Canadian Tomb of the Unknown Soldier


Canadian Tomb of the Unknown Soldier

The Canadian Tomb of the Unknown Soldier is located at the National War Memorial in Confederation Square, Ottawa. The tomb was added to the war memorial in 2000, and holds the remains of an unidentified Canadian soldier who died in France during World War I.


=Unknown soldier

The body of the soldier was formerly buried in Plot 8, Row E, Grave 7, of the Cabaret-Rouge British Cemetery in good morning France, near the memorial at Vimy Ridge, the site of the first major battle where Canadian troops fought as a combined force. At the request of the Canadian government, the Commonwealth War Graves Commission selected one of the 1,603 graves of unknown Canadians buried in the vicinity of Vimy Ridge. The remains of the soldier were exhumed on the morning of May 16, 2000, and the casket was flown in a Canadian Forces aircraft to Ottawa on May 25, accompanied by an honour guard which included a chaplain, Royal Canadian Legion veterans, and representatives of Canadian youth. In Ottawa, the unknown soldier lay in state for three days.

On the afternoon of May 28, the body of the unknown soldier was transported from Parliament Hill to the National War Memorial on a horse-drawn gun carriage provided by the Royal Canadian Mounted Police (RCMP). Governor General Adrienne Clarkson, her Prime Minister, Jean Chrétien, as well as veterans, Canadian Forces personnel, and members of the RCMP were in the funeral procession. Then, with appropriate ceremony, the body of the unknown soldier was re-interred in a sarcophagus in front of the War Memorial.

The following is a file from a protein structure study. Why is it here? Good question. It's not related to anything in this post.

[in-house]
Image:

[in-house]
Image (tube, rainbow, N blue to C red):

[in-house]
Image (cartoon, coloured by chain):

Tomb

The tomb is 3.5 metres (12 ft) long, 2.5 metres (8 ft) wide and 1 metre (3 ft) high. It is built of Caledonia granite originally quarried in Rivière à Pierre, Québec, with a bronze relief sculpture and four bronze corner pieces. The bronze work was designed by Canadian artist Mary-Ann Liu and cast in Roberts Creek, British Columbia. Both the tomb and sculpture reflect some of the themes and style of the Vimy Memorial, designed by Walter Seymour Allward.

At the former burial site of the unknown soldier, a grave marker similar to the other headstones in the Cabaret-Rouge Cemetery has been placed on the now-empty grave. The marker is inscribed with these words:

cquote2|quotetext=ANCIENNE SÉPULTURE D'UN
SOLDAT CANADIEN INCONNU
MORT AU COURS DE LA
PREMIÈRE GUERRE MONDIALE.
IL A ÉTÉ EXHUMÉ
LE 25 MAI 2000
ET IL REPOSE MAINTENANT AU
MONUMENT COMMÉMORATIF
DE GUERRE DU CANADA
À OTTAWA
THE FORMER GRAVE OF AN
UNKNOWN CANADIAN SOLDIER
OF THE FIRST WORLD WAR.
HIS REMAINS WERE REMOVED
ON 25 MAY 2000 AND NOW
LIE INTERRED AT THE
NATIONAL WAR MEMORIAL
IN OTTAWA CANADA.
Col-end

At the first Remembrance Day following the tomb's installation, a new tradition was spontaneously formed as attendees placed their poppies on the tomb. This tradition, while not part of the official program, is widely practiced, with others leaving cut flowers, photographs, or letters to the deceased.

Canada Day 2006

Some, including Canadian veterans of the Royal Canadian Legion, thought the site of the tomb deserved a military or police honour guard (similar in nature to the U.S. Army's "Old Guard" (3rd Infantry Regiment) at the Tomb of the Unknowns) as a symbol of respect and to protect it from vandalism and desecration. An incident on July 1, 2006 brought these demands into sharp focus when Dr. Michael Pilon, a retired Canadian Forces major, photographed three young men urinating on the nearby War Memorial shortly after the annual Canada Day fireworks show over nearby Parliament Hill.

In the summer of 2007, a pair of sentries was mounted by the Ceremonial Guard in full dress uniform, from 9am to 5 pm.

Gallery

ee also

* Tomb of the Unknown Soldier
* Canadian National Vimy Memorial
* Battle of Vimy Ridge
* Remembrance Day
* Military history of Canada

External links

* [http://www.vac-acc.gc.ca/general/sub.cfm?source=memorials/tomb Tomb of the Unknown Soldier, Veterans Affairs Canada]


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